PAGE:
McIntosh calls for ban on football surfaces
FIFA Development Officer for the CONCACAF South East Region, Howard McIntosh, has said that some schools and other venues where football is currently being played be immediately banned.
McIntosh said that the poor playing surfaces are retarding the development of the game by creating serious bad habits and technique amongst the nation's younger players.
The fear of serious injury, he said, is also a massive concern. Following this, a long-term plan for the development of proper playing surfaces aggressively pursued.
McIntosh is recommending that Jamaica concentrate its football activities at quality venues and surfaces in order to accelerate the country's football development.
Such a move, he said, would also yield better economic benefit for the country.
He said the increase in volume of football shown on local television has only helped highlight Jamaica's plight when it comes to the lack of proper playing surfaces.
"Besides confirming that football is obviously Jamaica's number-one sport when measured by participation or audiences, what is really evident when seen through the eyes of the camera, is the abysmally poor state of the vast majority of our football pitches."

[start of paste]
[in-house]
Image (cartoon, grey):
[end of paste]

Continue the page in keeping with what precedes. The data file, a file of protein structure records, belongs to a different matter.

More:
In light of this embarrassing observation, he had suggested that Jamaica needs to develop four facilities like Catherine Hall across the island.
"With repairs to the National Stadium East Complex and the eventual establishment of facilities in Portmore and St. Ann, these facilities would change the dynamics of the sports in Jamaica," he said.
"Technically, you would see tremendous improvement in all sports. Economically, sport would change," he said.
McIntosh, who was recently in Antigua said Jamaica could learn a lot from its Caribbean neighbour in how they run their football leagues.
"Antigua has accepted the fact that their fields are sub-standard and play all their Antigua Professional League (APL) matches at the Antigua Recreation Ground on Saturdays and Sundays. This guarantees a better surface, scheduling, and ultimately the best crowd support in the Caribbean," he said.